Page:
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Surfer Takayama Was An Innovator In Board Design

Oct 26, 2012
Originally published on October 26, 2012 5:57 pm

Transcript

AUDIE CORNISH, HOST:

One of the great American surfers and great shapers of surfboards has died: Donald Takayama. He entered the scene young, a hard-scrabble kid in Waikiki making his own boards out of scrap materials and skipping school to surf.

CORI SCHUMACHER: He would go from his mom's house, and he'd paddle down the Alawai, that dirty little canal in the Waikiki. You paddle all the way down it, pop out and then go surfing all along Waikiki.

MELISSA BLOCK, HOST:

That's Cori Schumacher, a pro surfer who calls Takayama a mentor. She told us that when he was 12, he took money saved up from his paper route and bought a one-way ticket to Los Angeles. And another friend of Takayama's, Scott Hulet, explained to us he had a job waiting for him.

SCOTT HULET: He did in fact come here as a preteen at the behest of Dale Velzy, a foundational surfboard shaper, who had seen boards that Donald had shaped as a child at Waikiki beach.

BLOCK: Hulet, who's the editor of The Surfer's Journal, says Takayama was instantly a phenom in the swater.

HULET: Donald's surfing style was exuberant and celebratory. He had a low center of gravity, only being 5'5". He would squat down with his legs bowed a little bit, in what we called the Hawaiian bully-boy style.

(SOUNDBITE OF MUSIC)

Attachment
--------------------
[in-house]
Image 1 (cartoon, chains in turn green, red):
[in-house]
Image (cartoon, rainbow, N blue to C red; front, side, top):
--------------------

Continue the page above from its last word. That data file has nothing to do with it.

UNIDENTIFIED MAN: Donald Takayama on his first visit to the mainland from Hawaii.

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CORNISH: Takayama was featured in several surf movies, and he went on to be a dominant competitive surfer in the mid-1960s and sort of man about town in the Southern California scene. He often told surfer Cori Schumacher stories about those days.

SCHUMACHER: He was sitting on top of the La Polomo with Timothy Leary talking about how surfing and the universe were very much the same. And I always thought that was just classic, but that was Donald.

BLOCK: Today Takayama is best known for his surfboard designs and innovations. Schumacher says he loved to talk about how the ocean would interact with a board he built.

SCHUMACHER: He'd be like boom, bam then schwoof. So he was literally like a Batman cartoon when he was talking about how the board was going to work, and then he took it out in the water, and that's exactly how it would work.

BLOCK: Takayama's story isn't entirely one of success. In the '80s, he was arrested for his role in a cocaine smuggling ring. His friend Scott Hulet said that was an outgrowth of the surf-bum ethic of the time: Find easy ways to make money so you can enjoy your days at the beach.

HULET: Work tends to interfere with those days, leading to a kind of a scam ethic. And I think Donald fell victim to that. And, yeah, he had more than a brush. He ended up in the big house. He was in prison.

CORNISH: Once he served his time, Takayama went back to surfing and making boards. But Schumacher says his legacy is much deeper than the surfboards he designed.

SCHUMACHER: His legacy wasn't made of redwood or balsa or fiberglass or foam. His legacy was the lives that he shaped, and that legacy will never die because we're going to pass that aloha and that spirit along.

CORNISH: Donald Takayama had heart problems in recent years. He died at the age of 68.

(SOUNDBITE OF MUSIC)

BLOCK: This is NPR. Transcript provided by NPR, Copyright National Public Radio.